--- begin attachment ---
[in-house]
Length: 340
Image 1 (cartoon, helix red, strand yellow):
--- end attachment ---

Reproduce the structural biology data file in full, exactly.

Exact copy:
[in-house]
Length: 340
Image 1 (cartoon, helix red, strand yellow):